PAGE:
TSA teaching airline workers to defend themselves amid increase in unruly passengers

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Friday, July 30, 2021
TSA teaching airline workers to defend themselves
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TSA defense training is returning after a long pause due to the pandemic. Flight attendants are taking the necessary training to protect themselves amid the numerous attacks we've seen in the air.

LOS ANGELES (KABC) -- What would you do if an airline passenger on your flight gets belligerent or attempts a terrorist attack? There is a simulation to train flight attendants and other airline employees on how to deal with potentially dangerous situations.

Emily Aguila is a flight attendant who took part in the training.

"My eyes teared up because it's such a real scenario, and it's something we have to prepare for every flight," she said.

After a long hiatus due to the pandemic, the Transportation Security Administration is once again holding these special training classes.

We've seen incidents recently of flight attendants getting attacked and passengers fighting. There are more threats than ever for these airline workers.

Jamillah Battle is also a flight attendant based in Oakland.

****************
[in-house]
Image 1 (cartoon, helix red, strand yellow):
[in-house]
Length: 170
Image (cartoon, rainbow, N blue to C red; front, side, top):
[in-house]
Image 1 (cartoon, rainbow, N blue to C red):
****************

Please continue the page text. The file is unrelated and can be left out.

RELATED: Spike in air rage incidents, majority involve passengers' refusal of mask mandate

The FAA and TSA are sounding the alarm on the rise of unruly passengers during flights.

"It's more surreal to make sure that when we're in the galley, what can we grab quickly just in case something does happen," Battle said. "We need to make sure quickly that we can make something out of nothing."

Daniel Babor with the TSA says this training helps airline employees prepare for possible threats.

"Kind of to instill in them a mindset and that's to expand their awareness, situational awareness, expect the unexpected," he said.

There is a simulator, a full-size model of an airplane, where agents can prepare for any challenge. At the training, it's a one-on-one confrontation with an attacker and they have to react quickly.

Battle says it was intense.

"I'm still jittery from this situation, although I wasn't in it, it was an adrenaline rush because it can happen," she said.

For these men and women, it could be a life or death scenario.

"We want them to walk away with confidence that they win that fight," Babor said.

The airline employees hope they'll never have to use any of the training, but they know they are ready just in case to keep everyone safe.